King/Queen = King/Queen
    Rooks = Noblemen (Like the king, they often had castles, and most Rooks look like a castle keep.)
    Bishops = Clergy
    Knights = Knights (Some served the king but most served a local noble.)
    Pawns = Serfs
  12. Subscriber AThousandYoung
    West Coast Represent
    06 Jul '10 23:39
    Originally posted by Rank Materialist
    Why all this effort to make each item end with the letter Y?

    It's my understanding that chess came to Europe via the Islamic Empire during the Crusades. Europeans adapted the pieces to match up with their feudal system. Hence, working from the top of the feudal pyramid down, we have:

    King/Queen = King/Queen
    Rooks = Noblemen (Like the king, ...[text shortened]... Clergy
    Knights = Knights (Some served the king but most served a local noble.)
    Pawns = Serfs
    HISTORY FAIL

    Rook = Chariot
    Bishop = Elephant
    Knight = Cavalry
    Queen = Prime Minister
    King = King
    Pawn = Infantry
  13. 06 Jul '10 23:40
    Originally posted by Rank Materialist
    Why all this effort to make each item end with the letter Y?

    It's poetic.

    It's my understanding that chess came to Europe via the Islamic Empire during the Crusades. Europeans adapted the pieces to match up with their feudal system. Hence, working from the top of the feudal pyramid down, we have:

    King/Queen = King/Queen
    Rooks = No ...[text shortened]... Clergy
    Knights = Knights (Some served the king but most served a local noble.)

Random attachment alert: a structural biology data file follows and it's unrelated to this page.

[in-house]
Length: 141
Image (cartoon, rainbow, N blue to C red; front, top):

Pawns = Serfs
  14. Subscriber AThousandYoung
    West Coast Represent
    06 Jul '10 23:40
    Originally posted by JS357
    Two knights = light infantry
    Two rooks = heavy infantry
    Cavalry. But yes. Knights are agile cavalry, Rooks are cavalry that charge head on.
  15. 07 Jul '10 06:04
    "Why all this effort to make each item end with the letter Y? "

    ParShooter started it that's Y.

    Stop being such a spoilsport and please refrain from calling chess
    pieces an 'item'. They have feelings too you know.

    Rooks are the only pieces that you can balance one on top of one and other.
    In a bored moment I have had eight rooks towered up.
    (you need two chess sets to do this. Using pawns as promoted Rooks
    simply does not work.)

    Rooks are the real masters of the chessboard, they will never let you down.

    Place a Rook anywhere on an open board.



    And no matter where they are they will always cover 14 squares.
    You cannot say that about any other chess piece.
    All lose some of the power when cornered. (especially the Knight).